Is the Guggenheim the Right Place to Advertise a Beyoncé Album?


A photo of a Beyoncé ad projection on the façade of the Guggenheim Museum in New York City began circulating online yesterday evening, March 20, ahead of the artist’s release of her country-influenced eighth studio album Cowboy Carter (also known as Act II) next week. Ads for Cowboy Carter were also reportedly projected on the Whitney Museum of American Art and the Museum of Arts and Design, among other locations; however, Beyoncé specifically shared a map showing the location of the Guggenheim on her Instagram story last night.

A spokesperson for the Guggenheim confirmed with Hyperallergic that the museum “was not informed about and did not authorize this activation,” but it looks like the institution really leaned into it this morning with an Instagram post of Franz Marc’s “Three Horses Drinking” (1910) captioned with the starting line from the first single “Texas Hold ‘Em,” complete with a topical 🤠.

It’s worth noting that the Guggenheim’s recognizable exterior has been the site of many projections and demonstrations in its history. Artists and activists turned the lights up on the façade in 2014 after reports of migrant labor exploitation and abuse on Saadiyat Island in United Arab Emirates, the site of the forthcoming Guggenheim Abu Dhabi location. The façade was activated again in 2016 after the Guggenheim Foundation withdrew from negotiating with the Gulf Labor Coalition ahead of the museum’s construction, and once more in 2020 in an act of solidarity between the museum’s unionized workers in New York and the laborers in Abu Dhabi. Visual AIDS also staged a projection in December 2015 with the artist-collective the Illuminator as an acknowledgement of World AIDS Day/A Day Without Art.

With that, it does leave a bit of a strange taste to turn the spiral into unauthorized ad space despite the BeyHive’s buzz about the album release, especially considering the Beyoncé brand’s track record of alleged labor rights violations, per the accounts of Sri Lankan garment workers constructing the artist’s collaborative Ivy Park athletic wear for mere dollars a day in unsafe conditions. (Ivy Park denied the allegations, standing by it “rigorous ethical trading program.”) That, and the fact that the Guggenheim is happy to stoke the flames while artists and activists who project pro-Palestinian messaging on museum façades across New York get threatened by police or arrested.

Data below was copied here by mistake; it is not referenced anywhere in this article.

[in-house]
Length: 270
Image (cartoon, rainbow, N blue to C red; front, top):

I’m obviously not expecting all Beyoncé fans to recognize the ~glitzy Guggenheim~ and other museums as sites for resistance while they’re excited for their problematic fave’s new album (not a jab — we all have a problematic fave …). But we’re in an era of both celebrity and institutional disillusionment as broader injustices are just a bit louder than the highest volume setting on Spotify, and lots of us are waking up to how dangerous it is to tune them out in favor of a good time provided by these forces of power that are inextricably connected.

It’s also not the first time either of the Carters have taken over an NYC institution to promote forthcoming projects in the last year. Lyrics from several of Jay-Z’s songs were papered to the front of the Brooklyn Public Library’s main location last July to ring in his The Book of HOV exhibition. Though Jay-Z unexpectedly shuttered the library for a day for a special event, leaving members of the public frustrated and confused, his exhibition did encourage over 4,000 people to sign up for limited edition library cards within the first week of its debut and the library reported a surge of visitors and check-outs throughout the show’s duration.

On the other hand, the Guggenheim spokesperson told Hyperallergic that both “Beyoncé and her devoted fans” are invited to visit the museum and see Jenny Holzer’s projections on the façade during the third weekend of May to celebrate her solo exhibition — so there’s that. (Unlike a ticket to enter the museum, viewing projections on its facade is free, so stay outside and save $30.)





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